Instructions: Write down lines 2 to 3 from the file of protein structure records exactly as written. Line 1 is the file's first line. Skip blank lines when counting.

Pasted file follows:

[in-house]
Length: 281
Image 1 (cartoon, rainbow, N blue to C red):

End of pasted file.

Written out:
Length: 281
Image 1 (cartoon, rainbow, N blue to C red):